Disney faces privacy complaint over children's apps

The class-action complaint alleges Disney's smartphone game apps have been collecting personally identifiable information about young users without the consent of their parents for the purpose of targeted advertising.
Written by Corinne Reichert, Contributor

A United States class action complaint against the Walt Disney Company has alleged that it is collecting personally identifying information via a series of children's smartphone apps "for future commercial exploitation" in contravention of the Children's Online Privacy Protection Act (COPPA).

The complaint [PDF] also names Disney Enterprises, Disney Electronic Content, Upsight, Unity Technologies, and Kochava as defendants, with the latter three companies responsible for supplying SDKs for Disney's apps.

The class action was brought by parents on behalf of their children and filed in the District Court in the Northern District of California San Francisco/Oakland division, and demands a trial by jury.

The parents are seeking punitive damages, injunctive relief preventing the collection of such information, and to sequester the allegedly illegally obtained information.

COPPA protects the data privacy of children under the age of 13, with the complaint alleging that information is being collected and onsold to third parties for the purposes of targeted advertising across different websites and apps.

"Children's personal information is captured from them, as is information of their online behavior, which is then sold to third parties who track multiple data points associated with a personal identifier, analyzed with the sophisticated algorithms of big data to create a user profile, and then used to serve behavioral advertising to children whose profile fits a set of demographic and behavioral traits," the complaint said in explaining the general process.

"Children are especially vulnerable to online tracking and the resulting behavioral advertising. As children's cognitive abilities still are developing, they have limited understanding or awareness of sophisticated advertising and therefore are less likely than adults to distinguish between the actual content of online gaming apps and the advertising content that is targeted to them alongside it."

The apps -- which the plaintiffs collectively referred to as the "game tracking apps" -- named in the complaint include Disney Princess Palace Pets, AvengersNet, Beauty and the Beast: Perfect Match; Cars Lightening League; Zootopia Crime Files: Hidden Object; Frozen Free Fall; Frozen Free Fall: Icy Shot; Inside Out Thought Bubbles; Moana Island Life; Olaf's Adventures; Star Wars: Puzzle Droids; Star Wars: Commander; Maleficent Free Fall; Club Penguin Island; Color by Disney; Disney Color and Play; Disney Crossy Road; Disney Dream Treats; Disney Emoji Blitz; and Disney Gif.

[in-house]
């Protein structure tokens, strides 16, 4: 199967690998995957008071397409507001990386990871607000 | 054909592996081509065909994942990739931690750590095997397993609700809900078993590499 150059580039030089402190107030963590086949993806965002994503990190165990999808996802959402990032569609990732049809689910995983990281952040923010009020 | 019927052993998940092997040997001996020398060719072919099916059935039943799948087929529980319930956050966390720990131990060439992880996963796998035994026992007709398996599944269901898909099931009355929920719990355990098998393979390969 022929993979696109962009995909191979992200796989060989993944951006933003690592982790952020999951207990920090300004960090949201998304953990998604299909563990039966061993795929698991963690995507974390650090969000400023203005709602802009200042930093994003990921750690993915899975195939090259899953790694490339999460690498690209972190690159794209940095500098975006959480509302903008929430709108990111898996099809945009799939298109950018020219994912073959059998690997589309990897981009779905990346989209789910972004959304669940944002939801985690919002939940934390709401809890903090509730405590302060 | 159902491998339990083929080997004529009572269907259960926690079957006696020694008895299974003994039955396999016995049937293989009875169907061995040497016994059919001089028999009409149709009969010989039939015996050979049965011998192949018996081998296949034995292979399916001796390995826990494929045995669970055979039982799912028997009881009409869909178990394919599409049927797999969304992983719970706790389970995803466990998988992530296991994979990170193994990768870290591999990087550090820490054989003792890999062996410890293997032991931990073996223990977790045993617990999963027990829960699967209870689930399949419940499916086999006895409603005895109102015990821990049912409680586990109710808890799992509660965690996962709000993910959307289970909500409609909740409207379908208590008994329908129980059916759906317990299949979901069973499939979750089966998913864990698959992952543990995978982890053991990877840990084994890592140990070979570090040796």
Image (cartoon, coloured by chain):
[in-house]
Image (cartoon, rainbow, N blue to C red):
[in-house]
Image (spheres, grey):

Also named are Disney Jigsaw Puzzle!; Disney LOL; Disney Princess: Story Theater; Disney Store Become; Disney Story Central; Disney's Magic Timer by Oral-B; Disney Princess: Charmed Adventures; Dodo Pop; Disney Build It Frozen; DuckTales: Remastered; Good Dinosaur Storybook Deluxe; Miles from Tomorrowland: Missions; Palace Pets in Whisker Haven; Sofia the First Color and Play; Sofia the First Secret Library; Temple Run: Oz; Temple Run: Brave; The Lion Guard; Toy Story: Story Theater; Where's My Water?; Where's My Mickey?; Where's My Water? 2; and Where's My Water? Lite/Where's My Water? Free.

"Extensive analysis conducted as to each of Disney's game tracking apps and as to each SDK Defendant, found substantial evidence that each of these child-directed apps collects and uses children's persistent identifiers," the complaint alleges.

"Disney collects and maintains personal information about the users of the game tracking apps, including users under the age of 13, and permits the SDK defendants to embed their advertising SDKs to collect those users' personal information and use that information to track those users over time and across different websites and online services.

"Disney has control over and responsibility for any advertising and data mining permitted by or undertaken in the game tracking apps. Disney has failed to safeguard children's personal information and ensure that third-parties' collection of data from children is lawful."

The complaint also referred to Disney's prior contravention of COPPA, when subsidiary Playdom was ordered to pay a $3 million civil penalty -- the largest penalty ever handed down under the legislation -- for allegedly collecting and disclosing personal information from children without obtaining verifiable consent from their parents.

"As part of a consent decree governing the settlement, Playdom, and 'all persons in active concert or participation with them', were enjoined from, among other things, not obtaining verifiable parental consent before collecting, using, or disclosing person information from children from any website or online service directed to children," the complaint added.

According to the complaint, the Center for Digital Democracy had approached the Federal Trade Commission about Disney's MarvelKids.com website back in 2014, concluding that it was in violation of COPPA and that this was likely also the case "on Disney's other child-directed websites".

According to LA Biz Journal, Disney responded to the lawsuit by saying it has "a robust COPPA compliance program".

"We maintain strict data collection and use policies for Disney apps created for children and families," Disney reportedly said.

"The complaint is based on a fundamental misunderstanding of COPPA principles, and we look forward to defending this action in court."

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